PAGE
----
Mexico

Hasta la Vista PA

Before I move on to our ill-fated trip down under, I have a few more memories to share from January 2017 in Puerto Aventuras, Mexico.

Food is an important component of any trip. Since this was our third stay in Puerto Aventuras, we have several favorite restaurants but Cafe Olé tops the list. (It’s also the top rated restaurant on Trip Advisor.) Jim loves the all-you-can-eat fall-off-the-bone ribs with potato salad, coleslaw, and beans offered on Sundays and Tuesdays and I can always find fresh local fish.

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Ribs with potato salad, coleslaw, and beans at Cafe Olé

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Fish (which I started eating then remembered to photograph) with grapefruit, rice, and fresh veggies at Cafe Olé

The number 1 dessert place is Jessie Gelato where Jim and Gail can be found every evening getting their home-made gelato fix. They didn’t have to twist Chuck’s arm either.

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Jim, Chuck, and Gail at Jessie Gelato

Every year we walk across the highway to the local village to find authentic Mexican food but each time we retreat fearing Montezuma’s revenge from the local water. This time we finally stood our ground and ate at A Tu Parador which means “at your roadside inn.” That makes sense since this place is just next to the highway.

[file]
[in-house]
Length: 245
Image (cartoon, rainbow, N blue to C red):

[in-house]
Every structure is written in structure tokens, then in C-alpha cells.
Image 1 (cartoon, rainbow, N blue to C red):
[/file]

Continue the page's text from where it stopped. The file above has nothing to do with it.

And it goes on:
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Jim, Chuck, Gail, and me

The various condiments for the tortilla chips were tasty with some heat and the beers on tap were big and cheap.

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Condiments for chips

I ordered a fish taco and while it was a no frills, basic taco, it hit the spot. This was probably the least expensive meal we had the entire two weeks and we didn’t get sick either. I’m sure we’ll be back.

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Fish taco

One advantage of staying in the condo at Chac Hal Al is the ability to cook some of our own meals. The walk to the large super market, Chedraui, is 2.9 km (1.8 mi) each way but twice a week we can buy fresh produce at the farmer’s market just a couple of blocks from our condo.

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Farmer’s Market in Puerto Aventuras

Each day we checked at the marina for fresh fish that charter boats sometimes sell if the customer doesn’t want it. Chuck got lucky one day and bought some yellow fin tuna that is usually eaten raw after marinating but we grilled it to perfection with a little olive oil and onion.

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Chuck also got a lesson on harvesting and opening coconuts from Miguel, one of the grounds keepers at Chac Hal Al.

Chuck engaging the grounds keepers

Miguel picking a coconut

Opening the coconut

Jim tasting coconut milk

Coconut meat

This year we enjoyed a special treat when the Green Bay Packers played in the NFC Championship. One of the restaurants, Palapas, offered a package for an all-you-can-eat buffet including margaritas, piña coladas, rum punch, and beer during the game for just $12. Although the game was a blowout and the Packers played like high schoolers, the food was good, we had live music before the game, and we drowned our sorrows in margaritas.

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Palapas